The Rise of Video

Long before Zoom became a verb, people were Facetiming friends and family. There is a whole generation of people who think video calling is standard.

In 2013, I was working for Vidtel providing me a view into the video conferencing space SEVEN years ago. Bluejeans Networks was the big dog back then, sucking up press and $175 Million in investment. Verizon acquired Bluejeans for almost $500M – and has proceeded to push it out through their various business channels including VZW. This is a direct response to the rise of Zoom.

Today, Zoom has “zoomed” right by PGi, Webex and Bluejeans. The next top contender is actually Microsoft Teams, whose 75 million daily active users are able to phone, video, chat and conference on their laptop or cellphone on one app – something Google was late in doing and Cisco made too clunky.

Should companies have seen the rise of video?

In 2015, thinkingphones acquired a video conferencing provider called Fuzebox and re-branded as Fuze. Fuze has raised $200M and sells to the enterprise space (250 employees and up).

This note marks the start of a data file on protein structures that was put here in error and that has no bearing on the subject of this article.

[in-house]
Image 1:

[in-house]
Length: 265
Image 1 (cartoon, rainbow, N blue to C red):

That same year, Siris Capital bought PGi for almost $1 Billion dollars. Video conferencing certainly had the capital markets’ attention in 2015!

In 2020, Dialpad acquired Highfive – and Coredial picked up eZuce. Not much adoption took place in the intervening years – except via iPhones.

A few things did help push video calling: wi-fi, broadband, devices with built-in webcams and ease of use. Oh and the pandemic. In a rush to establish business continuity in the face of work from home, video conferencing leaped to the forefront. Zoom was easy and free for the attendee.

Broadband, wi-fi and hardware are better in 2020 than they were in 2015 – and much better than in 2013. Cameras are 1080p, 10+ megapixel and cheap! Nice podcasting microphones are under $200. A Cisco telepresence system was a six-figure purchase. Now Logitech, Lifesize, Jabra and the rest are shrinking the budget on conference room gear while improving the experience with better speakers, microphones and cameras. They even add AI to the experience! All of the enhancements have made huddle rooms and at-home video conferencing possible, easy and frequent in 2020.

The cloud communications folks should have been talking about their video conferencing abilities before the pandemic, but hindsight is 20/20. Often an upstart takes off to disrupt a sector and that is what Zoom has done. Video chatting was enabled on browsers with WebRTC at least as early as 2013. It took a pandemic for people to start using it widely. (I am still uncertain if that is a good thing or not.)

More thoughts on this later.

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